soap spray, how often?

musicofthelightJune 21, 2007

Hi, all!

Yesterday I noticed a tiny white bug crawling through the soil of my mint plant. I think it might be white fly larvae, but not sure. I only saw one, but I immediately made a spray using a few drops of dishwashing soap and water. Is this safe to use on plants? I've heard some people say yes and others no. How often should I mist my plants with this?

I haven't seen the tiny white bug since I misted yesterday, but today I saw a tiny (extremely tiny!) black bug. Is it safe to mist daily to ensure my mint plant is bug free?

My mint plant appears to be thriving and is even sprouting a baby plant (which is a shock to me as I feel like a beginner in growing plants).

Another thing I wanted to mention in case it makes any sense to anyone out there, it looks like I have fine, small roots growing on top of the soil. Any clue what this means? Perhaps they're not roots, but that's what they look like.

Thanks for your help!

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ksrogers(EasternMass Z6)

A dash of soap and water are only part of the mixture. You do need to have some kind of bug killer there too. The soap and water mix is only a surfacent which helps to spread the liquid to stick on leaves. What you need to do is either add neem oil, or a pyrethrin to the spray. Both will kill many insects, and neither will have to be mixed with any soap, unless the package says to do this. Dish soap is still quite harsh and can damage some foliage. A milder soap is a Castile type. Glycerin is also an alternative to soap, or a manufactured surfacant of some kind.

    Bookmark   June 21, 2007 at 11:29AM
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rhizo_1 (North AL) zone 7

music, it is not a good idea to use a detergent mixture on your plants on a daily basis. I agree with ksrogers that the ideal product for a home remedy would be a REAL soap not a dish detergent. Castile, Dr. Bonners are examples. In my opinion, the insecticidal soaps are the way for most people to go. They are pure soaps, with actual directions for use. And....they DO kill insects without any other additions whatsoever.

However, I see nothing in your post that merits any kind of treatment. Catching sight of something in the soil and a teensy little something on your plant is not cause for the applications of pesticides. They could be benign or even beneficial!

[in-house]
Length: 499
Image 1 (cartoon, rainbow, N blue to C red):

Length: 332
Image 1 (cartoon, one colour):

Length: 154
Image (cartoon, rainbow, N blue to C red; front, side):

Insecticidal soaps should not be applied as a preventative. These products only work when the liquid comes into direct contact with the pest. Any pesticide activity evaporates with the product. Over application of these materials can result in plant damage.

You are doing the right thing in keeping an eye on your plant. Pest populations can build up quickly. But your first recourse should be plain water...and your fingers.

    Bookmark   June 21, 2007 at 2:34PM
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One little bug won't do much harm. You shouldn't need to spray your plants unless you have plague numbers of bugs. A healthy garden has both good bugs and bad, and if you try killing off the baddies, you're also killing off the goodies. Best to let them fight it out themselves. That's called 'balance of nature'.

If you must spray, do it no more than once a week - preferably once a fortnight. A soap spray isn't good for bugs, but equally it isn't good for the plants, either.

    Bookmark   June 22, 2007 at 12:32AM
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Thanks for the info, everyone! Thanks for your help.

Have a Great Day!


    Bookmark   June 22, 2007 at 11:08AM
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I have used simple dish soap on bug infestations with good results--been using it for years. The antibacterial soap will kill plants, it must be simple soap.

I use plants as insect repellants. I have successfully gotten rid of a strawberry bed beetle infestation by planting Santolina amongst my strawberries. Lavender and marigold are planted throughout my produce garden to deter ants. I have chrysanthemums and marigolds planted throughout flowerbeds as insect repellants.

    Bookmark   July 25, 2007 at 11:36AM
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